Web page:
By Sofia Jesus
It all starts with a man coughing heavily. The year is 1947. The place Britain. The man is King George VI. But the story that unfolds from here is about a woman — a woman who would become Queen.
The Crown, created by Peter Morgan, and directed by Stephen Daldry, is a TV series launched this month by Netflix. It is about the early years of Britain’s Queen Elizabeth II.
In the first episode — the only one I have seen so far and which has already convinced me to keep watching the series — we encounter a young Princess, Elizabeth Alexandra Mary, beautifully played by Claire Foy. We watch her get married with her beloved Philip Mountbatten (Matt Smith), play with her two young children and worry discretely as her father’s health deteriorates.
The focus of the first episode is on the King (Jared Harris), as he gains awareness of his serious health condition. The crown, at that time, resembles but a cloud hanging in the distance over Elizabeth’s head. She seems apart from all matters of state, but slowly, subtly gaining awareness that what lays in the future for her may not be as far away as everyone thought it would be.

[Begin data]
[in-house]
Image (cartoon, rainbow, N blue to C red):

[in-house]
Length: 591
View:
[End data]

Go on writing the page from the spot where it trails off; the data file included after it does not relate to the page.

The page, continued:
Winston Churchill, elected then for the second time as Prime-Minister of Great Britain and Northern Ireland, is wonderfully interpreted by John Lithgow. “They keep trying to count him out, but he keeps getting back up,” the ill King comments.
Contrarily to other royal tales, it is not the frigidity of protocols and hierarchy that set the tone of The Crown — at least in the first episode; it is, instead, the warmth of family ties. “If your marriage is as happy as mine has been, I don’t want you to miss a single thing,” King George VI tells his newly-wed daughter while handing her a camera as a wedding present.
“Don’t you get sick of it all? And lonely?” Elizabeth asks her father later on. “I do,” he replies: “That is why it is so important to have the right person by your side.”
The sumptuosity of the setting — and the amazing, detailed portrait of the scenery those days — and the breathtaking choirs do remind us we are in presence of a royal tale, which could lead us to think of a fairy tale. But the rhythm, the dialogues, the amazing interpretations from the actors, the details — such as nervousness, hesitations, accomplice-like looks and smiles, or a teary King moved by the singing voices of the people when he faces, in secret, the expectancy of his own death — bring a dose of down-to-earth truthfulness and humanity to it all. For this is the true story of a family, and of a young woman who would happen to lead a country and be imprinted in history.
Created by: Peter Morgan
Directed by: Stephen Daldry
Starring: Claire Foy, Matt Smith, Jared Harris, John Lithgow